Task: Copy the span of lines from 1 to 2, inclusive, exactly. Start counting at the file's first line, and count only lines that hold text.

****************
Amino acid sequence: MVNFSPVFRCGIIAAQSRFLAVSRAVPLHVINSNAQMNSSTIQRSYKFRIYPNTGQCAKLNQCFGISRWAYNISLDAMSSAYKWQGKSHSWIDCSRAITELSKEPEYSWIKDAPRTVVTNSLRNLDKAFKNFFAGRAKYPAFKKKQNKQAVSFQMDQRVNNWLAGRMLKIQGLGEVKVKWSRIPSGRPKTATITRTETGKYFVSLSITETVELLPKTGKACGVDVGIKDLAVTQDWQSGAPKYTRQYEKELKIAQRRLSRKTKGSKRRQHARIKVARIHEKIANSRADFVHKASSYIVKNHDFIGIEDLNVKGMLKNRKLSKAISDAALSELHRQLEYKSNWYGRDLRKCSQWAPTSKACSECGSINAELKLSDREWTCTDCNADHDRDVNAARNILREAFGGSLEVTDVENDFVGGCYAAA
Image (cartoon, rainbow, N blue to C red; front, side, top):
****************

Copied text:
Amino acid sequence: MVNFSPVFRCGIIAAQSRFLAVSRAVPLHVINSNAQMNSSTIQRSYKFRIYPNTGQCAKLNQCFGISRWAYNISLDAMSSAYKWQGKSHSWIDCSRAITELSKEPEYSWIKDAPRTVVTNSLRNLDKAFKNFFAGRAKYPAFKKKQNKQAVSFQMDQRVNNWLAGRMLKIQGLGEVKVKWSRIPSGRPKTATITRTETGKYFVSLSITETVELLPKTGKACGVDVGIKDLAVTQDWQSGAPKYTRQYEKELKIAQRRLSRKTKGSKRRQHARIKVARIHEKIANSRADFVHKASSYIVKNHDFIGIEDLNVKGMLKNRKLSKAISDAALSELHRQLEYKSNWYGRDLRKCSQWAPTSKACSECGSINAELKLSDREWTCTDCNADHDRDVNAARNILREAFGGSLEVTDVENDFVGGCYAAA
Image (cartoon, rainbow, N blue to C red; front, side, top):